Shadowline demolition

Demolition crews take down the old Shadowline plant building on Shadowline in Boone on Oct. 25, 2016.

BOONE – A Tennessee-based company is in the process of planning on building a $35.29 million mixed-use apartment complex for students on a 7.8-acre tract of land along Shadowline Drive — formerly home to a manufacturing plant.

Martin Ing, who is leading a recently formed company named Shadowline Student Property, is the listed owner of the property on the commercial building application. According to Watauga County tax records, Shadowline Partners LLC, headed up by Vernon Scarborough, is the current owners of the tract. Scarborough declined comment for this story when contacted and Ing said he would send a full statement at a later date.

The land is valued at $2.7 million, according to Watauga County’s tax office.

Ing, based in Murfreesboro, Tenn., filed a building permit application along with Chad Davenport of Southern Building Group, also of Murfreesboro, Tenn., dated June 17, to the town of Boone’s Planning and Inspections department. Davenport did not return a request for comment.

According to the application, Ing and Davenport are seeking to build a five-story, 275,209-square-foot mixed-use student apartment with 174 residential units containing 562 bedrooms, 345 car spaces, 84 bike parking spaces, an entry lobby, residential lobby and first-floor commercial space. The proposed building height would be 64-71 feet.

The permit had not been approved as of July 11, according to the town of Boone’s Planning and Inspections office.

The architect and engineers listed are both Kitchen and Associates of Collingswood, N.J. A representative said the organization does not comment on building projects without the owner’s permission. Bouton Engineering of Cookeville, Tenn., is listed as a structural engineer.

The 7.8-acre space has sat unused since October 2016, when crews tore down the vacant Shadowline plant that had stood since 1957. The plant previously housed a manufacturer of lingerie and undergarments.

The land has been the site of proposed developments in recent years. In 2013, Florida-based Cornerstone Campus Communities received water allocation and zoning approval for a 190-unit apartment and retail project at the site, which would include 457 bedrooms, a clubhouse and gym and 10,700 square feet of commercial retail space. However, the developer did not provide building plans to Boone’s Planning and Inspections department.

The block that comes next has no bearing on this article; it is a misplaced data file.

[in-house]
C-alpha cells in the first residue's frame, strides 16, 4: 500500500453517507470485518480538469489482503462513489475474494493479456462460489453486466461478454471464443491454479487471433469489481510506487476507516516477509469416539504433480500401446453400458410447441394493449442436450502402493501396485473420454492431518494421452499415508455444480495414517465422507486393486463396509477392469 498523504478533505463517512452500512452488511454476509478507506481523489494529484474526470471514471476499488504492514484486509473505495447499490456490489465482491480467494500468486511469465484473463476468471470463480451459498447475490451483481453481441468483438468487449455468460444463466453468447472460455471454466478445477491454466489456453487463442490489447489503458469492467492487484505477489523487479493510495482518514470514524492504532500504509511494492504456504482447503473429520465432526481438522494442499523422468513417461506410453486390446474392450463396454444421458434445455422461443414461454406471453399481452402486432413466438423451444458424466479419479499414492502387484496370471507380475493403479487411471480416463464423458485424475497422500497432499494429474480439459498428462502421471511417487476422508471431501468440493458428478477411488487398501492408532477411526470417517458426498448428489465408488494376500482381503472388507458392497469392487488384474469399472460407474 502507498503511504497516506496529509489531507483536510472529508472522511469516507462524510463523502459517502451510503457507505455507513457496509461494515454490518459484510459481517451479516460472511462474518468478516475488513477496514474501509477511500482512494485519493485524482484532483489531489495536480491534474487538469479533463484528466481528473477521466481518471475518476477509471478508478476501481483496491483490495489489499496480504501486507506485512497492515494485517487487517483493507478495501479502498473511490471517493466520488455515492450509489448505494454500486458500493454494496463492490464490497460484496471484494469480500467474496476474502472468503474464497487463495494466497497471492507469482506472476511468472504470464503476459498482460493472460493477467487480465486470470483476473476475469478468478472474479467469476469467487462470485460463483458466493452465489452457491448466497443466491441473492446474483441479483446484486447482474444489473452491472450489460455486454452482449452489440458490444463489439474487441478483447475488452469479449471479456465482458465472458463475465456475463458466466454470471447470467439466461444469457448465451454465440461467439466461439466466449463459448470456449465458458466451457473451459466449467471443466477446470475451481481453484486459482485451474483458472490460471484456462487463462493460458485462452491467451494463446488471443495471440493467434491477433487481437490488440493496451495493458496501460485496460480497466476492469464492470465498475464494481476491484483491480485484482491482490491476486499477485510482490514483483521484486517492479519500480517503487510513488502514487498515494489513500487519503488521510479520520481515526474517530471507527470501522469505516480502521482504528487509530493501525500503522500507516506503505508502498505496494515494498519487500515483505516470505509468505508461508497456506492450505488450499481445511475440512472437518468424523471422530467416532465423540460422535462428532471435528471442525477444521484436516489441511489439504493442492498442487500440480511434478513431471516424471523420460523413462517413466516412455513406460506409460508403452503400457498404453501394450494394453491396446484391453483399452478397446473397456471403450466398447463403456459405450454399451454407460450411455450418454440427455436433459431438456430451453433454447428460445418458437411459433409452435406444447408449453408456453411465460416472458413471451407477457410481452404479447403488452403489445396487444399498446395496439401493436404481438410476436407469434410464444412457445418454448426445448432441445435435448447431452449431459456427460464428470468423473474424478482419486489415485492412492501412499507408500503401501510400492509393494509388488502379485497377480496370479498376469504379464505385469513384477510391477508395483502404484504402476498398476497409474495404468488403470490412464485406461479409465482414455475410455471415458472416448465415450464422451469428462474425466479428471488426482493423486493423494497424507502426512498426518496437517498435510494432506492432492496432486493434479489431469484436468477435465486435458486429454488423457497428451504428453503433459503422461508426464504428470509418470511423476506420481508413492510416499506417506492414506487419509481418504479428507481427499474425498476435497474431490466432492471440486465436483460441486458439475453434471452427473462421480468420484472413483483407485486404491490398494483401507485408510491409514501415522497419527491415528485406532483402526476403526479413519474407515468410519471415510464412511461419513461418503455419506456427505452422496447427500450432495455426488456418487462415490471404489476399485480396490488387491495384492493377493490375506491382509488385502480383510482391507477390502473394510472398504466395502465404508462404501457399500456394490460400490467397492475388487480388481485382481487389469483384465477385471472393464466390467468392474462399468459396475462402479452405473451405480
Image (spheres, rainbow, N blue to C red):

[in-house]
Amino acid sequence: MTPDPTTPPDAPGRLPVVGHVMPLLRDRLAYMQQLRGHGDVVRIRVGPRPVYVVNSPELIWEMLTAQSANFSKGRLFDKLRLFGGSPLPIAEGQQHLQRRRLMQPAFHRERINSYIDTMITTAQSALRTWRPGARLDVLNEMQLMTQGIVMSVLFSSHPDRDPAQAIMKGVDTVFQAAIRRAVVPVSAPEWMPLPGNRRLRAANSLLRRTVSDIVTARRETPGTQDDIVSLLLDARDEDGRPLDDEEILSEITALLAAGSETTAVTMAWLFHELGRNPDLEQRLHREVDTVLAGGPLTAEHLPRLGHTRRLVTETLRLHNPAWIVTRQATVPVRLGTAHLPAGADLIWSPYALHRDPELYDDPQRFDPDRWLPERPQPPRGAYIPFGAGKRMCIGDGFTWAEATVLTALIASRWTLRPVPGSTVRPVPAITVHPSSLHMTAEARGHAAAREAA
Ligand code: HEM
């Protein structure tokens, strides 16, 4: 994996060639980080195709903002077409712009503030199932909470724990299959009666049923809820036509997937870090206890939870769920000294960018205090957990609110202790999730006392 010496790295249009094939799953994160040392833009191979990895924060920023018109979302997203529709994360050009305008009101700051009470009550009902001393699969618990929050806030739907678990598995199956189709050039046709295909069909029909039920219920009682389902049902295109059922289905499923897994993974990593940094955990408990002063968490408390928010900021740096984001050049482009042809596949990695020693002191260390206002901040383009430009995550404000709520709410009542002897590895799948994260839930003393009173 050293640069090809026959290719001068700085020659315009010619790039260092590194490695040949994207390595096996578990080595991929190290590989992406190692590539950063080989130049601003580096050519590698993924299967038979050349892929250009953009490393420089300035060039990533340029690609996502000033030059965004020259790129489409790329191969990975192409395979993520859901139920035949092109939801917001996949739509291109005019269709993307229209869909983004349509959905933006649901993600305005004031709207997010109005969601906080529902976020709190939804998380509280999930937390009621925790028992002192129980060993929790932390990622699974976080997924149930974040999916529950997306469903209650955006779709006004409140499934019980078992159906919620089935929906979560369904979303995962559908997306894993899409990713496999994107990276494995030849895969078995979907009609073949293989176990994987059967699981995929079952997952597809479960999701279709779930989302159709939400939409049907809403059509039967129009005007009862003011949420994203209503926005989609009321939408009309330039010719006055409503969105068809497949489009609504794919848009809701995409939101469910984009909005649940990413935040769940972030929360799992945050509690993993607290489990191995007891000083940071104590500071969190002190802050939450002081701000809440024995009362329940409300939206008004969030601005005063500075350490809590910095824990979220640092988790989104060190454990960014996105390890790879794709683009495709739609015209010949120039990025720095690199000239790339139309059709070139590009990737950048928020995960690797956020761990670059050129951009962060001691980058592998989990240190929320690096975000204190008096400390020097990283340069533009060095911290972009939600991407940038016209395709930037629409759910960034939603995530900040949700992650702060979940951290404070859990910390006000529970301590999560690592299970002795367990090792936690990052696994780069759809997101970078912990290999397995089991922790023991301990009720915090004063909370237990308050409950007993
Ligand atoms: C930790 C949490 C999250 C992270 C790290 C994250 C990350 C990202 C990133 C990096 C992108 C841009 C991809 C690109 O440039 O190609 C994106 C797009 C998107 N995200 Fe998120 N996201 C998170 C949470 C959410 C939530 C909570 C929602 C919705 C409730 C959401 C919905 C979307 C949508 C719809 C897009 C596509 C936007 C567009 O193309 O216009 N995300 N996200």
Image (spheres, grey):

The property is currently zoned B3 – General Business and is not in the town’s corridor district that runs along Blowing Rock Road, N.C. 105 and U.S. 421.

Scarborough bought the tract in October 2006, saying in 2016 that he had planned to build a shopping center, but hit roadblocks during the economic recession.

(4) comments

craig dudley

so who exactly will surprised as 'our' government keeps adding cars to the already crazy road situation. i don't go to town after eleven am if at all possible unless i've got an emergency and am prepared to sit at traffic lights thru several changes. 'our' government has repeatedly shown absolutely no interest in our well-being and only has shown interest in putting ten pounds in a five pound sack which the rest of us pay for.

Just what we don’t need. 🥴


Multiuse....I sure hope that these apartments will be for local folks who actually live and work here and NOT for the catered to ASU students. Boone council needs to wake up and allow Boone & Watauga County residents to come FIRST before ASU students !!


562 bedrooms, 345 car spaces, and 84 bike parking spaces. That means that at least 133 people will have nowhere to park. I predict that the shopping center across the street and other surrounding businesses will be overrun with students parking on their private property, which will force them to do what Walmart has recently started doing: Towing a lot of cars. The same thing will happen with the development soon to go up at W. King Street, Water Street and Howard Street. I don't understand why the Planning Board allows developers to build without providing adequate parking. It just compounds the already epidemic student parking problem.

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